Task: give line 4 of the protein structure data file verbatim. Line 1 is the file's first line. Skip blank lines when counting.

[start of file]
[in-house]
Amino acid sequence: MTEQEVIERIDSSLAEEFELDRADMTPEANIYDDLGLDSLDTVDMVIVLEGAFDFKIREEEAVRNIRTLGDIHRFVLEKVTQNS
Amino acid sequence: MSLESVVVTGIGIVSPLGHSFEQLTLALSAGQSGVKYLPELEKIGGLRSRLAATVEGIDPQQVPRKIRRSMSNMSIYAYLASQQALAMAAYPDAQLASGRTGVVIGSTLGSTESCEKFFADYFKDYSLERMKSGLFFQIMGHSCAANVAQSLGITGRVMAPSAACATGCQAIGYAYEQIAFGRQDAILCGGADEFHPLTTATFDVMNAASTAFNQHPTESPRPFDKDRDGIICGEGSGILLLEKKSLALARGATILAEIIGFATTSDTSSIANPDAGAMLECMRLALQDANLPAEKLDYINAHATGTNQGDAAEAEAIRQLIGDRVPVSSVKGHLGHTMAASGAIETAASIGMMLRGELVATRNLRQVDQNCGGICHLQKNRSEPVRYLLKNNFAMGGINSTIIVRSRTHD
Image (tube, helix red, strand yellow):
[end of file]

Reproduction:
Image (tube, helix red, strand yellow):